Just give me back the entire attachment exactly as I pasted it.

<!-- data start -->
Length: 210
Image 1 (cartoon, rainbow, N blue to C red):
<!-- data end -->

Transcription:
Length: 210
Image 1 (cartoon, rainbow, N blue to C red):